According to an Ellen MacArthur Foundation study, «the ocean is expected to contain 1 tonne of plastic for every 3 tonnes of fish by 2025, and by 2050, more plastics than fish (by weight). In response to that environmental emergency, the Environment and Community Ministry launched France’s National Plastics Pact on 21 February 2019.
Target: 60% reusable, recyclable or compostable packaging in 2022 and 100% in 2025.
In the exotic fruit and vegetable sector, plastic packaging is a pressing issue that raises the challenge of developing eco-friendly solutions from the packaging to the labelling whilst maintaining the quality and traceability of fresh produce
The company Capexo is now making its contribution with two major innovations in exotic fruit and vegetable packaging and labelling, beating the official target by two years !
Innovation 1 : Exotic fruit and vegetable printing
The patented process, which Capexo owns for France, makes it possible to print food-grade ink on the skin of almost all fruit and vegetables, adding a barcode, price or any other consumer information. The innovation heralds the end of excess plastic packaging and stickers for exotic fruit and vegetables and more.
All exotic fruit and vegetables with a relatively smooth skin can be printed. Pineapple, for example, cannot. Grainy-skinned avocado can, but a barcode would not be legible enough to work properly at
the checkout. It is possible to print the sale price, however. The printing process also adapts to the fruit’s ripeness to avoid any possible damage.
Food safety guaranteed
The process involves patented, quality-tested food-grade inks — the same ones used in the pharmaceutical industry to coat tablets.
End of checkout shrinkage
In store, on-fruit printing avoids the problem of differentiating between, for example, an air-freighted and seaborne mango, which have different sale prices, at the supermarket checkout. The process removes all possible confusion as either the barcode or price is shown on each individual fruit.
Innovation 2 : Biocompostable punnet packaging
Ready to eat fruit sold in batches, such as ripe avocados or air-freighted bananas, needs punnet packaging to protect it and prevent checkout shrinkage. To replace the plastic film and punnet, which are at best recyclable, Capexo biocompostable packaging features cardboard sourced from sustainably managed birchwood forests, wrapped in a protective transparent film, which is also derived from birchwood, and heat-sealed on a flow-pack machine. That makes the punnet packaging fully biocompostable.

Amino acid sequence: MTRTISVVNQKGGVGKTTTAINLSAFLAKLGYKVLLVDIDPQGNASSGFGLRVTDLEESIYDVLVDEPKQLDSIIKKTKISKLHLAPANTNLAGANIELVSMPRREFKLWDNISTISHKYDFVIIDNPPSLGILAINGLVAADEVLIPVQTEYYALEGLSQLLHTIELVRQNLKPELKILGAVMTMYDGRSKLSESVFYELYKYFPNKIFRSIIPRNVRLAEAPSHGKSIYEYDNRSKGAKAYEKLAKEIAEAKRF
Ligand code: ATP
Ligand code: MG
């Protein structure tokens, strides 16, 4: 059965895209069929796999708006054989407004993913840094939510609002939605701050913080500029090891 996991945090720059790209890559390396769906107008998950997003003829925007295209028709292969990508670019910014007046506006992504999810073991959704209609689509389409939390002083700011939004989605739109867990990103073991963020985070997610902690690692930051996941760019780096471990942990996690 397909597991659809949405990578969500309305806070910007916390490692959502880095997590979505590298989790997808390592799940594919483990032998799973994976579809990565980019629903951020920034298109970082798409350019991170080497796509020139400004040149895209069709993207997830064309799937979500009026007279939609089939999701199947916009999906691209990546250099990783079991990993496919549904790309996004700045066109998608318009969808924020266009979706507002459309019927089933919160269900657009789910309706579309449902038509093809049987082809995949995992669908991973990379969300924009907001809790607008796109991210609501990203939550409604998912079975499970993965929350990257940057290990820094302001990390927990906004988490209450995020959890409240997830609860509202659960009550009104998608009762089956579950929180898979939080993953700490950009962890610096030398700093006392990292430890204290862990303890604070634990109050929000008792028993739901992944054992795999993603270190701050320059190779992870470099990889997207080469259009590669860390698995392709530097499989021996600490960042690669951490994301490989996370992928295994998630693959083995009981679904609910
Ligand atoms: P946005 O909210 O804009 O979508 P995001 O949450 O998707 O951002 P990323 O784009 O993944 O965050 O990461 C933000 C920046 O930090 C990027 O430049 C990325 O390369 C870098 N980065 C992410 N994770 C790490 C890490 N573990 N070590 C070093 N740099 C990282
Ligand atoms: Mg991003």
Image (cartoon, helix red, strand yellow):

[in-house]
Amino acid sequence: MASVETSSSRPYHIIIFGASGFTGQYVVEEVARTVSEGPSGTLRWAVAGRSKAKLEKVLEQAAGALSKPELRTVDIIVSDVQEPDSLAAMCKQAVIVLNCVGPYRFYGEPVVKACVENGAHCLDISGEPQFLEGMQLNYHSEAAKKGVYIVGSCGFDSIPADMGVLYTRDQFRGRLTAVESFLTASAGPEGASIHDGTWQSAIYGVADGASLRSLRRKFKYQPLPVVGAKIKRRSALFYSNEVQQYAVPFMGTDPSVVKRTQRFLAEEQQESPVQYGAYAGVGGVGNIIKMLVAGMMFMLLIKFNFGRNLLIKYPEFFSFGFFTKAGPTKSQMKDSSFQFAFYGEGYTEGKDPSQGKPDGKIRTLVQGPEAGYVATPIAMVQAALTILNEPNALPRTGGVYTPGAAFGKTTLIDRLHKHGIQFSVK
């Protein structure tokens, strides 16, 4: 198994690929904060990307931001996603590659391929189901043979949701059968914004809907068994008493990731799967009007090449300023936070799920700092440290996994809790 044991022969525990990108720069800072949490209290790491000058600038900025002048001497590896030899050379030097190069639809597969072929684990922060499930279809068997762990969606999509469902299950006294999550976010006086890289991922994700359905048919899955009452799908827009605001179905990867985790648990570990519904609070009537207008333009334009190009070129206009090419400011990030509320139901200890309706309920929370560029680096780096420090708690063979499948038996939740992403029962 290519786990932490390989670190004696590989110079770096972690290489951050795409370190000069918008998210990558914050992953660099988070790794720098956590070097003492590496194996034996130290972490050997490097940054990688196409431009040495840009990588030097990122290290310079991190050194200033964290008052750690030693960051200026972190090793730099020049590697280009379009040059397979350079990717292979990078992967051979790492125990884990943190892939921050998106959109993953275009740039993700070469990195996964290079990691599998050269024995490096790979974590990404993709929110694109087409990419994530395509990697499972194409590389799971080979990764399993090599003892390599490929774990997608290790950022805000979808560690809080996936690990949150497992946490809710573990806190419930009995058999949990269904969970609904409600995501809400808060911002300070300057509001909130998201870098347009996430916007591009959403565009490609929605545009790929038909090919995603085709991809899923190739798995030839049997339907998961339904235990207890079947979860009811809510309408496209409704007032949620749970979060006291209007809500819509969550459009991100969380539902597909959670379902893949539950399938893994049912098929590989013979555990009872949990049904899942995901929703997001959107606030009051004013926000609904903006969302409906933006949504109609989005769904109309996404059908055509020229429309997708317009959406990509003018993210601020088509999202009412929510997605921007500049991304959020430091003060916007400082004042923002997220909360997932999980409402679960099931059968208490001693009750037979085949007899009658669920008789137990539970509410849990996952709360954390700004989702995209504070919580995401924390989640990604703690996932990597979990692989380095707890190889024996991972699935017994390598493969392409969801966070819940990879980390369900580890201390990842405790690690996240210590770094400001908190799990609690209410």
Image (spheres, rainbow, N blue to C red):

Corn starch-based biocompostable films are already available. As they may not be 100 % GMO-free, however, Capexo rejected that option as a precautionary measure.
End consumers can throw the punnet and film away in their home compost bin, where they will naturally degrade in the same way as other compostable waste. Failing which, the packaging can be disposed of in a recycling bin.
Punnet traceability maintained
Capexo biocompostable packaging enables ecofriendly product traceability with a batch number, origin, best-before date and all other information required by consumers using food- grade ink.
The innovations are aimed at the specialist and generalist food retailers amongst Capexo’s customers. The retail group Cora shares its story. « Ahead of the upcoming legislative deadlines on plastic packaging and with the emphasis on CSR, Cora is rethinking its products’ packaging. Since November 2019, all our air-freighted Peru mangoes have been unpackaged. The barcode and consumer information — ‘product picked when ripe’ and ‘food-grade ink’ — are written straight on the mangoes’ skin using the on-fruit printing process developed and provided by our supplier Capexo with food-grade ink. As we also sell seaborne mangoes, that enables us to segment the product and avoid the problem of checkout shrinkage.